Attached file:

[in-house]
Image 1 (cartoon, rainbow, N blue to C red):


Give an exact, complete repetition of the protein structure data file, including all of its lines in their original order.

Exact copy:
[in-house]
Image 1 (cartoon, rainbow, N blue to C red):